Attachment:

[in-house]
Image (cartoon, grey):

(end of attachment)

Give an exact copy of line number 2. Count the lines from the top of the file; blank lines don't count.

Image (cartoon, grey):